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Charlotte Personal Trainer for Women answers, “Will artificial sweeteners make me gain weight?”

Q & A: Will artificial sweeteners make me gain weight?

A: No. How could something devoid of calories cause weight gain? This makes as much sense as putting butter in your coffee while you’re “fasting” because a famous blogger told you this would help you lose weight… drinking a 500 calorie butter latte means you’re no longer fasting (because calories), and adding 500 calories to one’s diet will help nobody lose anything but their sanity.  Both of these ideas have been promoted by the same blogger.

What’s the evidence?
The best evidence* we have says replacing full calorie sweeteners with non-calorie artificial sweeteners will yield somewhere between 1 to 5 pounds of weight loss.  In humans, and over 11 randomized controlled trials (RTC).  Important points:

  • These studies were done with humans not rodents.
  • This conclusion is from 11 different studies.  The means people in different labs at different times and in different countries were able to get the same results.  If nobody can repeat your results, then your results are just a fluke.
  • These were randomized controlled trials, meaning that who got what was random.  In nutrition, the alternative is usually something called a food frequency questionnaire (FFQ).

o   An FFQ is where you sincerely ask someone to accurately recall their entire food and beverage intake for the past year.  Not making that up. I administered these while studying nutrition at UMD, and when I mentioned that these unreliable I was told I was “unprofessional.”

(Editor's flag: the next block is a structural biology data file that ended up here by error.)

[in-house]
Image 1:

o   From this “data” you calculate this person’s artificial sweetener intake and compare it to their bodyweight.  If more of the people in your sample with higher body weights also mentioned higher intakes of artificial sweeteners you then claim that one leads to the other. 

  • Studies that used water as their “control” were excluded. Water and diet soda have the same number of calories, so you’re not going to see any difference comparing these.

But what about that study?
There is talk of a single rodent study on the internet where artificial sweeteners were “shown” to contribute to weight gain.  Before we talk specifics I want to repeat the principle that science must be repeatable. If you’re the only person who can get special results from a particular experiment, this means you are sloppy, unbelievably lucky, and/or a fraud.  Let’s get specific-al*:

·     “The study” doesn’t seem to have been published, which means that it did not pass the peer review process… in other words their peers called “bullshit” and the researchers couldn’t mount a good defense.
·     All I can find are anonymous references to an “Israeli study.”
·     The references to the “Israeli study” do not claim that mega doses of artificial sweeteners caused any weigh gain whatsoever.  They only claim that ingesting artificial sweeteners changed the ratios of some of the bacteria in the rodents’ poop.
·     It’s important to note that everything you eat changes the ratios of the bacteria in your poop.  Our intestinal flora are not static, they change with what we eat.

*This is a word I just made up.  It is a fancy way to say “specific” because it adds a syllable.

Bottom Line
1-5 pounds is not like hitting the weight loss lottery, but it’s also not nothing, and, it’s also a negative number.  Gaining 5 pounds is pretty easy… so, if you tell yourself that this diet soda earns you extra ice cream, well, then that extra ice cream (but not the diet soda) will lead to weight gain.  Diet soda + extra ice cream still has fewer calories than extra ice cream + regular soda.

It’s. The. Calories. Don’t let fast talking people on the internet talk you out of basic common sense and logic.

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